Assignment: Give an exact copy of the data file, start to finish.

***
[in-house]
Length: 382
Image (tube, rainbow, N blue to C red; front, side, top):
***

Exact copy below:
[in-house]
Length: 382
Image (tube, rainbow, N blue to C red; front, side, top):